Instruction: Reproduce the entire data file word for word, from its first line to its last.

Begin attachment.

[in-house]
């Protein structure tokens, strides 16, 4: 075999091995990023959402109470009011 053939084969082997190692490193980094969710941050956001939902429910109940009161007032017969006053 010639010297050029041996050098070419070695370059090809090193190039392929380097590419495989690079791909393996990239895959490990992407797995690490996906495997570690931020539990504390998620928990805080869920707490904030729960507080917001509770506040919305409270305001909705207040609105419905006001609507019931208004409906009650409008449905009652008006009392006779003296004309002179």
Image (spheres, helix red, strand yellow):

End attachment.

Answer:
[in-house]
């Protein structure tokens, strides 16, 4: 075999091995990023959402109470009011 053939084969082997190692490193980094969710941050956001939902429910109940009161007032017969006053 010639010297050029041996050098070419070695370059090809090193190039392929380097590419495989690079791909393996990239895959490990992407797995690490996906495997570690931020539990504390998620928990805080869920707490904030729960507080917001509770506040919305409270305001909705207040609105419905006001609507019931208004409906009650409008449905009652008006009392006779003296004309002179």
Image (spheres, helix red, strand yellow):